In a ruling that The Legal Intelligencer says could have far-reaching effects on the handling of high-profile trials, the U.S. Court of Appeals for the 3rd Circuit ruled Friday that the news media have a presumptive right of access to the names of jurors. The court said a Pittsburgh federal judge erred when he sought to empanel an anonymous jury in the corruption trial of former Allegheny County coroner Cyril Wecht. “The prospect that the press might publish background stories about the jurors is not a legally sufficient reason to withhold the jurors’ names from the public. Although such stories might make some jurors less willing to serve or more distracted from the case, this is a necessary cost of the openness of the judicial process,” wrote 3rd Circuit Judge D. Brooks Smith.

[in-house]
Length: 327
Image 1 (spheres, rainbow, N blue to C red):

Dissenter Franklin Van Antwerpen said the ruling “effectively creates a new constitutional right” and “sets a precedent of permitting our court to micro-manage trial procedures established by the district courts.” He said “requiring district courts to bow to media demands to know the names of prospective jurors would certainly impair the public good in many cases.” Today, the same three-judge panel is scheduled to hear oral arguments on whether all charges against Wecht should be dismissed on double jeopardy grounds as a result of the procedures followed by the trial judge in declaring a mistrial in April when the jury said it was deadlocked.